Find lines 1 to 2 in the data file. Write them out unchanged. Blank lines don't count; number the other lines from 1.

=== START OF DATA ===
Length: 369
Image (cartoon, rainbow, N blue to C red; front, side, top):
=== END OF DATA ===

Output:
Length: 369
Image (cartoon, rainbow, N blue to C red; front, side, top):